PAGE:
We are encountering a JVM process that dies with little explanation other than an exit code of 141. No hotspot error file (hs_err_*) or crash dump. To date, the process runs anywhere from 30 minutes to 8 days before the problem occurs. The last application log entry is always the report of a lost SSL connection, the result of an thrown SSLException. (The exception itself is unavailable at this time – the JVM dies before it is logged -- working on that.)
How can a JVM produce an exit code of 141, and nothing else? Can anyone suggest ideas for capturing additional diagnostic information? Any help would be greatly appreciated! Environment and efforts to date are described below.
Host machine: 8x Xeon server with 256GB memory, RHEL 6 (or RHEL 5.5) 64-bit
Java: Oracle Java SE 7u21 (or 6u26)
java version "1.7.0_21"
Java(TM) SE Runtime Environment (build 1.7.0_21-b11)
Java HotSpot(TM) 64-Bit Server VM (build 23.21-b01, mixed mode)
Diagnostics attempted to date:
- LD_PRELOAD=libjsig.so. A modified version of libjsig.so was created to report all signal handler registrations and to report SIGPIPE signals received. (Exit code 141 could be interpreted as 128+SIGPIPE(13).) No JNI libraries are registering any signal handlers, and no SIGPIPE signal is reported by the library for the duration of the JVM run. Calls to ::exit() are also intercepted and reported. No call to exit() is reported.
- Inspect /var/log/messages for any indication that the OS killed the process, e.g. via the Out Of Memory (OOM) Killer. Nothing found.
- Set ‘ulimit –c unlimited’, in case the default limit of 0 (zero) was preventing a core file from being written. Still no core dump.
- ‘top’ reports the VIRT size of the process can grow to 20GB or more in a matter of hours, which is unusual compared to other JVM processes. The RES (resident set size) does not grow beyond about 375MB, however, which is an considered normal.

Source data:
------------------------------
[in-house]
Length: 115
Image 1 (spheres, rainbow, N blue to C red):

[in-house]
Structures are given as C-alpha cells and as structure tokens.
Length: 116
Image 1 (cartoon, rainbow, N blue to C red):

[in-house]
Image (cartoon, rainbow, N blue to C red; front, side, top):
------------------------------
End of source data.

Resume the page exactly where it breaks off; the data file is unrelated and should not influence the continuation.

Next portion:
This JVM process creates many short-lived Thread objects by way of a thread pool, averaging 1 thread every 2 seconds, and these objects end up referenced only by a Weak reference. The CMS collector seems lazy about collecting these, and upwards of 2000 Thread objects have been seen (in heap dumps) held only by Weak references. (The Java heap averages about 100MB, so the collector is not under any pressure.) However, a forced collection (via jconsole) cleans out the Thread objects as expected. Any relationship of this to the VIRT size or the JVM disappearance, however, cannot be established.
The process also uses NIO and direct buffers, and maintains a DirectByteBuffer cache. There is some DirectByteBuffer churn. MBeans report stats like:
Direct buffer pool: allocated=669 (20,824,064 bytes), released=665 (20,725,760), active=4 (98,304) [note: equals 2x 32K buffers and 2x 16K buffers]
java.nio.BufferPool > direct: Count=18, MemoryUsed=1343568, TotalCapacity=1343568
These numbers appear normal and also do not seem to correlate with the VIRT size or the JVM disappearance.